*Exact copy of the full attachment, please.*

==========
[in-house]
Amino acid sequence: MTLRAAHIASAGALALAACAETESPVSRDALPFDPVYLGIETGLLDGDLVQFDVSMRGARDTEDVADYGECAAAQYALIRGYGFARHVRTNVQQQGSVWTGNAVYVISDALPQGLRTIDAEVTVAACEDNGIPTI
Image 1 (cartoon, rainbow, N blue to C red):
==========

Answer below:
[in-house]
Amino acid sequence: MTLRAAHIASAGALALAACAETESPVSRDALPFDPVYLGIETGLLDGDLVQFDVSMRGARDTEDVADYGECAAAQYALIRGYGFARHVRTNVQQQGSVWTGNAVYVISDALPQGLRTIDAEVTVAACEDNGIPTI
Image 1 (cartoon, rainbow, N blue to C red):